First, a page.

February 22
Quiz. You may use your notes.
Modern cave paintings.
Greek mythology. Greek Heroes, particularly Odysseus.
Aesop’s fables. “Tortoise and the Hair;” “The Ants and the Grasshopper;” others.
Why would these fables have been relevant to the people of that era and today?
Hwk:
Read another Aesop’s Fable that we did not read and find two pictures which illustrate it. Put the links in the comments of the  HUMA 1301 Homework blog post.

February 24
Initial Music: 4 min. Macedonian music
transliteration of names using Greek alphabet
Greek: not just monolithic cultures
Athens and Sparta: women
Alexander the Great, Part I
Alexander the Great, Part 2
Alexander the Great, Part 3
Oedipus Rex- riddle
Delphic Oracle
Archimedes
Hwk:
Read AHS chapter 3, pages 42-68.

Free concert:
Winter Concert
Friday, February 25, 8 pm
Free and open to the public
featuring full orchestra and chorus performing
Christ Evangelical Presbyterian Church
8300 Katy Freeway
713-526-1188

Second free concert:
NORTHWEST CHOIR: “LESSONS FROM HISTORY”
The Northwest Choir, under the direction of Dr. Allyson Applebaum Wells, will present its Black History Month concert this Sunday, February 27 at 4:30 p.m. in Theater Two of the Performing Arts Center on the Spring Branch Campus. Entitled “Lessons from History,” the concert will feature music sung and written during the Civil War. There will also be music of the Cherokee people and twentieth-century Argentina. The concert includes a setting of Lincoln’s “With Malice Toward None” and will conclude with the stirring “Sound Over All Waters” which was composed in honor of Coretta Scott King. The concert is free and open to the public.

March 1
ancient Roman music 1:56
Quiz
Introduction to the historical/cultural presentation due April 12 and 14. (Paper is due April 5.)
Paper includes:

  • Two pages of discussion about your presentation.
  • A Works Cited with four (4) sources following MLA (for electronic sources).
  • A paragraph for each source arguing for it being a good source. You may use any of these criteria.

Roman introduction: Roman army, schools, games
Modern building of a Roman house, Roman style
satire (Roman) Weird Al Yankovich: Amish Paradise, White and Nerdy, Pokemon, Cereal Girl
Hwk:
Study for exam.

March 3
Exam over class to date, especially ancient and Greek humanities topics.
There will be essay and short answer questions.
Hwk:
1. Read chapter 4 in AHS, pages 69-99.
2. Work on your cultural experience paper.

Andy Warhol and TV + Menil by Moonlight

Friday, March 4, 2011, 7:00 p.m. at the Menil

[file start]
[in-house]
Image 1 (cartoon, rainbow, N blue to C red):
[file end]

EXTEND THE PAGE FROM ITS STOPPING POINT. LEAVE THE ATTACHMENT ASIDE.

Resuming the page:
In collaboration with the Aurora Picture Show and the Andy Warhol Museum, this curated screening includes excerpts of TV works created by or featuring artist Andy Warhol: episodes from Andy Warhol’s Fifteen Minutes, a cable television series from the 1980s which featured celebrities interviewed by Warhol; clips from the Factory Diaries, home videos from the ’70s; and highlights from Warhol’s cameos on The Love Boat and Saturday Night Live.

The museum will be open till 9:00 p.m. in a special after-hours evening for new members, with all galleries open – and special incentives offered for joining the Menil (by moonlight!).

March 8
Quiz over chapter 4.
Roman history
Middle East Maps of War
Hwk:
Choose one of the introductions found here. You may not choose the introduction to your own religion. Read through the section, taking notes. The notes will be turned in before the documentary and will count as your quiz. Thoroughness counts. So does legibility. You may not just print the pages and turn them in.

March 10
We will be meeting in the theater for the documentary. Attendance will be taken.

Colores del Carnaval Dominicano
Thursday, March 10 at 7:30
Documentary film-makers Ruben Duran and Donna Pinnick premier their new work, Colores del Carnaval Domincano. For more than 500 years the Dominican Republic has reveled in the rambunctious traditions of carnaval: music, dancing, masks and mayhem – a party in the streets. Colores introduces us to the artists, dancers, musicians, the creative drive, behind this festival of the human spirit. Free, in the Heinen Theatre.

Hwk:
Finish up your cultural experience paper. It is due March 22, when we get back from spring break.

Free concert: March 11, at 7:o0 pm– “Music for Peace” at Rothko Chapel, which is at 3900 Yupon Street at the corner of Sul Ross Street.

March 15 and 17

NO CLASS. Enjoy your St. Patrick’s day safely.

First experience paper is due on Tuesday when you get back.

Remember for the cultural experience paper, you can also go tothe Menil or the Museum of Fine Arts or the Contemporary Arts Museum and write about that experience. Any museum will work. It does not have to be in Houston, either.

The Whole World Was Watching
at the Menil

The civil rights-era photographs in this exhibition – by Dan Budnik, Danny Lyon, Bruce Davidson, Leonard Freed, Bob Adelman, and Elliott Erwitt – were selected from the 230 images given to the museum by Edmund Carpenter and Adelaide de Menil, and document the profound changes that swept the United States in the 1960s. The exhibition’s title echoes a phrase chanted by protestors who used the presence of photographers and television cameras to remind perpetrators of racial or civil violence that their actions would not go unseen.

“Kara Walker Speaks About Her Art”
Kara Walker
Monday, March 14, 2011, 7:00 p.m.